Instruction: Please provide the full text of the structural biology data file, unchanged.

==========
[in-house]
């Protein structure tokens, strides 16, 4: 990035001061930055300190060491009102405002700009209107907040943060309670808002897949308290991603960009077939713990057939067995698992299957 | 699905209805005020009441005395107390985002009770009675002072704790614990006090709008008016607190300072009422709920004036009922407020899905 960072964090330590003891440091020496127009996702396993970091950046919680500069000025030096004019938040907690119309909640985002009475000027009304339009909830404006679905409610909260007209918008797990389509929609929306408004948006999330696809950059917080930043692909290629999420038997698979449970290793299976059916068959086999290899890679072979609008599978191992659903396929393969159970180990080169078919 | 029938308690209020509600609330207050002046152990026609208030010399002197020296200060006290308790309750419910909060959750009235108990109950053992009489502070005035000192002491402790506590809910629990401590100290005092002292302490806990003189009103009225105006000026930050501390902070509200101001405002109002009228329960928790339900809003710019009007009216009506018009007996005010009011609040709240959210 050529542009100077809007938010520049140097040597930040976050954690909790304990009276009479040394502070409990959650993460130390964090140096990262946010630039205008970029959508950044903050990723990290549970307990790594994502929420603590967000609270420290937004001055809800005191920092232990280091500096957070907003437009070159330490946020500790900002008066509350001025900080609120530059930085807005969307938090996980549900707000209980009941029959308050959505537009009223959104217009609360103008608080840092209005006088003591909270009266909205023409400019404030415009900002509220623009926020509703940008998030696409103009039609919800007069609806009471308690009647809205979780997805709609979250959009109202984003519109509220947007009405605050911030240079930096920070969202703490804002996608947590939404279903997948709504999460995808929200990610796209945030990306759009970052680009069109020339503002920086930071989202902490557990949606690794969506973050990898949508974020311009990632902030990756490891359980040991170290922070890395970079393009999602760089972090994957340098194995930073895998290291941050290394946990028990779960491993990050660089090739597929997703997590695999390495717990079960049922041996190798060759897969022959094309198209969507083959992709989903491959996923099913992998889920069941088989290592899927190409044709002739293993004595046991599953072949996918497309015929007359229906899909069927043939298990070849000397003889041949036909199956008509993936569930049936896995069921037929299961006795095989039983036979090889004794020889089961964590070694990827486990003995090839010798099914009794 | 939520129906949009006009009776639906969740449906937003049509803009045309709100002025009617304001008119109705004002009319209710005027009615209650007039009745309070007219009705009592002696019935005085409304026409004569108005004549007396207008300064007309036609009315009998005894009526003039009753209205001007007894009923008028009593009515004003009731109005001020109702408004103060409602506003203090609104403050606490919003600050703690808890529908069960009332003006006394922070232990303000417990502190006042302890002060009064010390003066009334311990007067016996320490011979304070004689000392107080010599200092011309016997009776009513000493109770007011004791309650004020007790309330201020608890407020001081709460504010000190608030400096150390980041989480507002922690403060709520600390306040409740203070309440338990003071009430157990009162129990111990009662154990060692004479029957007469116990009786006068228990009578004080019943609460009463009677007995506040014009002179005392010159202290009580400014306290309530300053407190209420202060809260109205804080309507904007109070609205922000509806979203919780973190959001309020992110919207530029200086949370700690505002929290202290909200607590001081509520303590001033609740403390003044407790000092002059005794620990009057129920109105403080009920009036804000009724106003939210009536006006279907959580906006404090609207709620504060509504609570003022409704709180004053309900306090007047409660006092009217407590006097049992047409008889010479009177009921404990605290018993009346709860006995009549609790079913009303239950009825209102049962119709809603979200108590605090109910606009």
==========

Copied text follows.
[in-house]
């Protein structure tokens, strides 16, 4: 990035001061930055300190060491009102405002700009209107907040943060309670808002897949308290991603960009077939713990057939067995698992299957 | 699905209805005020009441005395107390985002009770009675002072704790614990006090709008008016607190300072009422709920004036009922407020899905 960072964090330590003891440091020496127009996702396993970091950046919680500069000025030096004019938040907690119309909640985002009475000027009304339009909830404006679905409610909260007209918008797990389509929609929306408004948006999330696809950059917080930043692909290629999420038997698979449970290793299976059916068959086999290899890679072979609008599978191992659903396929393969159970180990080169078919 | 029938308690209020509600609330207050002046152990026609208030010399002197020296200060006290308790309750419910909060959750009235108990109950053992009489502070005035000192002491402790506590809910629990401590100290005092002292302490806990003189009103009225105006000026930050501390902070509200101001405002109002009228329960928790339900809003710019009007009216009506018009007996005010009011609040709240959210 050529542009100077809007938010520049140097040597930040976050954690909790304990009276009479040394502070409990959650993460130390964090140096990262946010630039205008970029959508950044903050990723990290549970307990790594994502929420603590967000609270420290937004001055809800005191920092232990280091500096957070907003437009070159330490946020500790900002008066509350001025900080609120530059930085807005969307938090996980549900707000209980009941029959308050959505537009009223959104217009609360103008608080840092209005006088003591909270009266909205023409400019404030415009900002509220623009926020509703940008998030696409103009039609919800007069609806009471308690009647809205979780997805709609979250959009109202984003519109509220947007009405605050911030240079930096920070969202703490804002996608947590939404279903997948709504999460995808929200990610796209945030990306759009970052680009069109020339503002920086930071989202902490557990949606690794969506973050990898949508974020311009990632902030990756490891359980040991170290922070890395970079393009999602760089972090994957340098194995930073895998290291941050290394946990028990779960491993990050660089090739597929997703997590695999390495717990079960049922041996190798060759897969022959094309198209969507083959992709989903491959996923099913992998889920069941088989290592899927190409044709002739293993004595046991599953072949996918497309015929007359229906899909069927043939298990070849000397003889041949036909199956008509993936569930049936896995069921037929299961006795095989039983036979090889004794020889089961964590070694990827486990003995090839010798099914009794 | 939520129906949009006009009776639906969740449906937003049509803009045309709100002025009617304001008119109705004002009319209710005027009615209650007039009745309070007219009705009592002696019935005085409304026409004569108005004549007396207008300064007309036609009315009998005894009526003039009753209205001007007894009923008028009593009515004003009731109005001020109702408004103060409602506003203090609104403050606490919003600050703690808890529908069960009332003006006394922070232990303000417990502190006042302890002060009064010390003066009334311990007067016996320490011979304070004689000392107080010599200092011309016997009776009513000493109770007011004791309650004020007790309330201020608890407020001081709460504010000190608030400096150390980041989480507002922690403060709520600390306040409740203070309440338990003071009430157990009162129990111990009662154990060692004479029957007469116990009786006068228990009578004080019943609460009463009677007995506040014009002179005392010159202290009580400014306290309530300053407190209420202060809260109205804080309507904007109070609205922000509806979203919780973190959001309020992110919207530029200086949370700690505002929290202290909200607590001081509520303590001033609740403390003044407790000092002059005794620990009057129920109105403080009920009036804000009724106003939210009536006006279907959580906006404090609207709620504060509504609570003022409704709180004053309900306090007047409660006092009217407590006097049992047409008889010479009177009921404990605290018993009346709860006995009549609790079913009303239950009825209102049962119709809603979200108590605090109910606009």